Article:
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Towards Inclusion - A guide for organisations and practitioners

VAN EK, Vera
SCHOT, Sander
2017

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This guide is the result of collaboration between Light for the World (LFTW), Mission East (ME), and ICCO Cooperation.

Based on decades of experience of working with the most marginalized and excluded communities, the three organizations cooperated to record their experiences in a publication which can be used in a variety of relief and development contexts. ‘Towards Inclusion’ is designed to be an easy to use reference for organizational and program/project development with a focus on gender responsiveness and disability inclusion.

The guide is made up of three parts:
• the first part guides users through the process of organizational self-assessment to determine readiness to change and identify key steps towards becoming a more inclusive organization.
• the second part introduces the ACAP framework, as a means of improving inclusion in programming via Access, Communication, Attitude and Participation. A range of tools for measuring and improving inclusion at all stages of the project cycle are provided.
• the third part provides guidelines for the people or ‘change facilitators’ who will guide organizations through the process of change towards becoming more inclusive.

The publication can be found at “Towards Inclusion Guide” and the accessible version of the publication can be downloaded. Both are free of charge.

Possibilities for organisation trainings and/or webinars on the practical application of the guide are under consideration. Contact ACAP@gmail.com.

Why do women not use antenatal services in low- and middle-Income countries? a meta-synthesis of qualitative studies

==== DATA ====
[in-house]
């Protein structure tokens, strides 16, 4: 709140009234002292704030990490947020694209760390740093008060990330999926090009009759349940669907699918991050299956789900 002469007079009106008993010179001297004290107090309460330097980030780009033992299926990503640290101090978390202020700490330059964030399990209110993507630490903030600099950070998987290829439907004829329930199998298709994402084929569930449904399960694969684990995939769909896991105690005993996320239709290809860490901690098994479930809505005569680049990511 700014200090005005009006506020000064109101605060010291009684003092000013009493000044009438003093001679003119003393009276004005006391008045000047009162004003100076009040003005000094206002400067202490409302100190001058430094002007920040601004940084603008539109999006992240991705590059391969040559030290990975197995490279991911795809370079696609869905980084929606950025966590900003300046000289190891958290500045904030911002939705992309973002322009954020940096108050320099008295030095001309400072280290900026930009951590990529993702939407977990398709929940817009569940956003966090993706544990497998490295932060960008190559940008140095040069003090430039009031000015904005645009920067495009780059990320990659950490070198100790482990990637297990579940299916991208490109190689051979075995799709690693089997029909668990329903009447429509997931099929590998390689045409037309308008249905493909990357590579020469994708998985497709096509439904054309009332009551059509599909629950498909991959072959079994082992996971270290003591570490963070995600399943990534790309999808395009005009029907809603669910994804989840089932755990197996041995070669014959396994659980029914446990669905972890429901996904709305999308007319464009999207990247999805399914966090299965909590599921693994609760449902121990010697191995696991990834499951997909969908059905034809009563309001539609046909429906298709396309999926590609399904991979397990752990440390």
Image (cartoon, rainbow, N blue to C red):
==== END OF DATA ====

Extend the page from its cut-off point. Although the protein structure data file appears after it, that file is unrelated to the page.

FINLAYSON, Kenneth
DOWNE, Soo
January 2013

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This article aims to inform the development of future antenatal care programmes through a synthesis of findings in all relevant qualitative studies. The findings suggest that there may be a misalignment between current antenatal care provision and the social and cultural context of some women in low and middle income countries
PLoS Med, Vol 10, Issue 1

HIV decline in Zimbabwe due to reductions in risky sex?|Evidence from a comprehensive epidemiological review

GREGSON, Simon
et al
April 2010

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This article presents research which assessed the contributions of rising mortality, falling HIV incidence and sexual behaviour change to the decline in HIV prevalence in Zimbabwe. It comprised of a comprehensive review and secondary analysis of national and local sources on trends in HIV prevalence, HIV incidence, mortality and sexual behaviour in the period 1985 - 2007. The findings provide the first convincing evidence of an HIV decline accelerated by changes in sexual behaviour in a southern African country, nevertheless, in 2007 one in seven adults in Zimbabwe was still infected by a life-threatening virus and mortality rates remained at crisis point

A handbook for network support agents and other community workers supporting HIV prevention, care, support and treatment

March 2009

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This manual is intended to help network support agents and other community workers be more effective in disseminating standardised information about HIV and AIDS. It "...emphasises the importance of the acquisition of knowledge, skills and the right attitude needed to identify the psychosocial needs of people of people infected and affected by HIV/AIDS and address these needs by giving information, counselling and appropriate referrals. Knowledge of counselling and psychosocial care, is combined as much as possible with prevention activities such as adopting HIV basic care positive prevention and adherence to treatment"

Preventing HIV/AIDS among persons with disabilities : a handbook for policy makers, healthcare providers and care givers of people with disabilities

IVOM, Damian O
2009